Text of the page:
Building New Construction Careers 2

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Friday, August 21st, 2015
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We are more than half way through 2015 and dwelling commencements have reached an all-time record high of 203,706 in the year to March, an increase of 15.6 per cent year-on-year.

While the building and construction industry is doing the heavy lifting in the economy, a shortage of tradespeople and apprentices is threatening future productivity.

According to research in the Apprentices and Trainees 2014 Annual Report by the National Centre for Vocational Education Research (NCVER), overall commencements of apprenticeships and traineeships decreased by 21.9 per cent from 2013 to 2014, with non-trade commencements down 25.3 per cent.

The report showed that 2.7 per cent of Australian workers were employed as an apprentice or trainee as at December 2014, compared with 3.3 per cent in 2013.

Within the trades, 10.6 per cent of workers were employed as an apprentice or trainee as at December 2014, compared with 12.3 per cent in 2013.

For the building and construction industry specifically, since 2010 to 2014 the construction trade apprentice commencements has decreased by 18 per cent, from 24,400 to 20,000, although it is pleasing to note that year-on-year there has been an increase of 12 per cent in construction trade apprentice commencements.

However, against a reported projected completion rate of 31 per cent, this equates to only 6,200 apprentices going on to complete their construction trade apprenticeship. This falls far short of the required apprentices to meet the needs of the building and construction industry into the future.

Master Builders predicts the industry will require an additional 300,000 people over the next decade, nearly a 30 per cent increase on the current workforce of 1,033,000 people. Building and construction is the third strongest industry sector employment growth in the past decade, but there is a risk that poor apprentice commencements and completions could cause a significant skills shortage in coming years.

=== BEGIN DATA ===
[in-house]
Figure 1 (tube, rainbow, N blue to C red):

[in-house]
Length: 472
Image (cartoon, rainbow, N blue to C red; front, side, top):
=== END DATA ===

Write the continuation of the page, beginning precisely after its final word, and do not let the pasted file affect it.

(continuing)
There is a need for new thinking and action on apprenticeships now before a serious skills shortage heavily impacts on the building and construction industry.

To provide leadership on the looming crisis, Master Builders has prepared a paper, Towards 2020: Policy for Australian Apprenticeship Reforms, which aims to provide solutions to stop the decline in construction trade apprentices.

The benchmarks for Australia’s Policy for Australian Apprenticeship Reforms outcomes are:

  • 80 per cent of the construction workforce holding a post-school qualification (currently 60 per cent)
  • Commencements reaching 30,000 per annum, up by 50 per cent on current commencements of 20,000
  • 100,000 apprentices in training, up 132 per cent from current apprentices in training of 43,100
  • Quality training outcomes with pre-apprenticeship and apprenticeship programmes delivering site-ready and productive apprentices to an appropriate level determined by industry
  • Introduction of a national building and construction skills passport
  • Introduction of a construction industry and school partnership programme that will support quality vocation and vocational outcomes in schools led by industry
  • Support mentoring programmes that have demonstrated evidence of increasing apprentice completions
  • Support for early intervention language, literacy and numeracy programmes that support apprentice completions
  • The establishment of RTO and GTO networks to facilitate industry and RTO/GTO engagement to minimise duplication and improve quality training
  • A review of training packages to deliver the qualifications and skill sets that meet modern employer requirements and funding policies in the states that support greater flexibility in VET
  • Provide teacher professional development and teaching materials that assist in the teaching and learning of construction in schools.

While Towards 2020: Policy for Australian Apprenticeship Reforms aims to address the decline in construction trade apprentices, the industry must also look at other challenges affecting the current workforce, such as an ageing workforce and an extremely low female participation rate in the trades.

Let’s calls on all governments to work together to revitalise VET. Let’s push for a truly National VET system that supports new entrants in the construction industry as well as upskilling our existing workforce to ensure a globally competitive workforce.

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  1. Michael Bonnici

    Having been an advocate for the changes required to sustain our falling numbers of properly trained apprentices and personal within the building Construction Industry for a number of years now (five years) in fact I approached the MBAV with a new format for training in 2013 with a meeting held in Albert st Melbourne at that time,…. unfortunately the lack of supportive funding placed that on hold.
    I believe that the basic fundamentals that we are instilling into our new tradesmen and women is lacking substantially , we are no longer teaching our apprentices the skill sets they require to go on and become major contributors to our industry.
    Skills that are fast becoming extinct in our industry and even worse we no longer teach how to apply and adapt those skills for the betterment of our Industry.

    • Cecilia

      This is a real worry and reminds me of a country I visited where everyone claimed to be a law, medical or teaching professional but had to seek employment in unrelated work as the job market in these areas were flooded. Trade jobs did not share the same prestige however offered more attractive salaries. To say it's complex is an understatement.